Just in time for the 4,000th American death in Iraq, “Frontline” will air the first installment of an amazing two-part documentary called “Bush’s War” tonight. I was lucky enough to get a press preview of the four-hour (!) show, and it’s nothing short of a masterpiece. It spans from 9/11 to the twin downfalls of Donald H. Rumsfeld and Saddam Hussein, with a brief coda on the surge.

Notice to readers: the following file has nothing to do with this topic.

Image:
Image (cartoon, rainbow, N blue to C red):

There’s so much that’s great about “Bush’s War,” not least of which is its penetrating interviews with key figures like Richard L. Armitage and Gen. Daniel McKivergan, and, of course, there’s a vividness that print just can’t provide. But perhaps the most valuable aspect is something superficially banal: to see the insanity and malevolence of the 2002- and 2003-vintage arguments for the war unfold once again. It feels like waking up out of a coma, or, perhaps, coming down from a drug. The juvenile peevishness of Rumsfeld, the defiant ignorance of Vice President Dick Cheney, the soul-sucking vacuity of George W. Bush — they won. And we need to see them win, again and again, so we never forget the wages of giving in to hysteria, cynicism and fear.